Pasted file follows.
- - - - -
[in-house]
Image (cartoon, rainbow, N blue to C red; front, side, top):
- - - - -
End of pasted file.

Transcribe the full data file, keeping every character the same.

[in-house]
Image (cartoon, rainbow, N blue to C red; front, side, top):